The sisters walked to the massive pile of clothes we had brought and sat down in a chair next to them. Picking up each piece one by one, they determined the child it would best fit and called them over, like it was Christmas each child raced over to collect their treasures.

I noticed some children clearly asking for items that were really too small for them, but wanting them so badly they just didn’t care how small they were.

We had some books on education, signed for them by the author which the sisters were thrilled to receive and Emma had taken some Barbie dolls to hand out.

The sisters asked who wanted them, several hands immediately shot up in the air and Emma handed them out, the girls faces lit up as they received a doll of their own and as a large pile of pop up books were placed on the table even the teenagers picked them up and played with the pop up pages.

Each child received a small pile of clothes and I noticed some quickly disappeared to their room. I thought they must be tired of dealing with tourists, however, they shortly reappeared proudly wearing their new treasures.

The Bali Orphanage making jewellery
We had brought many jewellery making supplies, thinking it may break the ice to share in a craft activity. I asked if the sisters would like me to leave them or they would like to make some jewellery now, the sisters asked the children and the room broke out in screams and squeals which we took as a resounding ‘yes, they would like to make some’.

We lay out a whole pile of beads and jewellery making supplies to show them how to make jewellery.
Usually in the classes I teach the kids sit around and pick up a bead at a time to make their jewellery. I guess I forgot they do not have the luxury most western children have of knowing there will always be more if you miss out now.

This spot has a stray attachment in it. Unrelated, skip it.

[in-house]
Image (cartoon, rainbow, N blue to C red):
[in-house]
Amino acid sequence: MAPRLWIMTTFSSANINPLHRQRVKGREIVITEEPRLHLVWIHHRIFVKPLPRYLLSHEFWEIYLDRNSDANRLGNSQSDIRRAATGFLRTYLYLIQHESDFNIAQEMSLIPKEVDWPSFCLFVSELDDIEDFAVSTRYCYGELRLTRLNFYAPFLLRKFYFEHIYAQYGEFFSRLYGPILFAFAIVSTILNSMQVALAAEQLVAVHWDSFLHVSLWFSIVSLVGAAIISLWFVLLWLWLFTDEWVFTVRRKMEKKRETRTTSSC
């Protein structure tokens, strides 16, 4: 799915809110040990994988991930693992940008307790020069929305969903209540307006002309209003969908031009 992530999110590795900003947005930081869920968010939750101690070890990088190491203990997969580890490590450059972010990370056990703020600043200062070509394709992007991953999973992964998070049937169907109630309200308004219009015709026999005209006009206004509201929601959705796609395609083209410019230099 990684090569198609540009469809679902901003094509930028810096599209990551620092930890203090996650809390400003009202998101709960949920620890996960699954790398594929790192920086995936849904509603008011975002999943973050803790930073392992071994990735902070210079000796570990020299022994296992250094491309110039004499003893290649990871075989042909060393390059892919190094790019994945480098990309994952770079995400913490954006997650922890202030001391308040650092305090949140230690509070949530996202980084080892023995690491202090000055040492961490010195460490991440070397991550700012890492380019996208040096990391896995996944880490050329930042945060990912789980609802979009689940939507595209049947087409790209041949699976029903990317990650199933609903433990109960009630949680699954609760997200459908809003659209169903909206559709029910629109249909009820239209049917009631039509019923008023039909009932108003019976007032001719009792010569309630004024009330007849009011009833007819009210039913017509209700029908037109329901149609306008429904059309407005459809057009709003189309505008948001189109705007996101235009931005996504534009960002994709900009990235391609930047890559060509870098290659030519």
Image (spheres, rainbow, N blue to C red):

They swooped in and grabbed all they could before they missed out then scuttled away to corners to create their jewellery where others couldn't get their beads. The whole table was empty in a matter of seconds and then they all wanted help to make them.

Our kids just watched, pretty gob smacked by the process.

Each child delighted in making a treasured piece of jewellery and some just wanted to keep the beads.
Armed with bracelets and necklaces the lunch bell went and they all came shaking hands and saying thank you before rushing off to lunch.
The room was a little bit of a shambles, but nothing remained!

The boys beds were bigger and made of lovely looking wood, they shared with us their beds were a gift from Australia.

We visited a small broken patch of concrete proudly displaying a new basketball hoop they had been donated. Some murky fish ponds where they were growing fish for food and a small vegetable garden with some herbs.

Their play area was a section of concrete with a few swings and a prayer room, class room and dining room.
Entering during lunch the children were queued up receiving vegetables, rice and omelet. Emma asked me “do they HAVE to eat that?” when advised “well that is what they have, if they don’t eat it there’s nothing more” she asked to have a word in private outside.